Abstract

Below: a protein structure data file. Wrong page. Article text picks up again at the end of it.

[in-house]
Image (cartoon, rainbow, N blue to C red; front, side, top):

Fibrinogen is essential for aggregating platelets with adenosine diphosphate (ADP) and was recently shown to bind to platelets stimulated with ADP. The present work confirms the specific and saturable nature of the platelet-fibrinogen interaction. Binding of 125iodine-labeled fibrinogen to human gel-filtered platelts was maximal at 1 min, and the receptors were saturated when the fibrinogen concentration in the suspending medium approached 0.8 mg/ml. Assuming that one fibrinogen molecule interacts with a single receptor, experiments with 9 normal donors revealed the presence of 12,896 +/- 2456 receptors per platelet. Much of the bound material dissociated from platelets after incubation with apyrase or EDTA. Binding was markedly inhibited at pH 6.5, in the presence of EDTA, and with platelets from 3 thrombasthenic patients but not with those from a patient with the Bernard-Soulier syndrome. Fibrinogen binding was also virtually absent with platelets that had been incubated with EDTA for 8 min at 37 degrees C and pH 7.8. These platelets could not aggregate when mixed with ADP and adequate CaCl2 and fibrinogen, although they could still change their shape. Thus, ADP-induced binding of fibrinogen correlates with platelet aggregability.

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